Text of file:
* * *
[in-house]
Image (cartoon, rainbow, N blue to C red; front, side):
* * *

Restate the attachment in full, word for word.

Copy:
[in-house]
Image (cartoon, rainbow, N blue to C red; front, side):